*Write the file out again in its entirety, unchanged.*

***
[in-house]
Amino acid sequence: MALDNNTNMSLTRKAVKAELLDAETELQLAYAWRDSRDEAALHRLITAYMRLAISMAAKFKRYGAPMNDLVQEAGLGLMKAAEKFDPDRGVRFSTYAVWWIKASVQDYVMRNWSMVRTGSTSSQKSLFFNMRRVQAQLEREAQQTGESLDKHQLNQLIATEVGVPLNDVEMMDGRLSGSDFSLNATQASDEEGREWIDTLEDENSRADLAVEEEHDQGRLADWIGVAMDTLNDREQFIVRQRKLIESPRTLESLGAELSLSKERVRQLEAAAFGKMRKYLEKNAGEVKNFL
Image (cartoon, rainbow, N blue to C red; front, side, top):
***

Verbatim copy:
[in-house]
Amino acid sequence: MALDNNTNMSLTRKAVKAELLDAETELQLAYAWRDSRDEAALHRLITAYMRLAISMAAKFKRYGAPMNDLVQEAGLGLMKAAEKFDPDRGVRFSTYAVWWIKASVQDYVMRNWSMVRTGSTSSQKSLFFNMRRVQAQLEREAQQTGESLDKHQLNQLIATEVGVPLNDVEMMDGRLSGSDFSLNATQASDEEGREWIDTLEDENSRADLAVEEEHDQGRLADWIGVAMDTLNDREQFIVRQRKLIESPRTLESLGAELSLSKERVRQLEAAAFGKMRKYLEKNAGEVKNFL
Image (cartoon, rainbow, N blue to C red; front, side, top):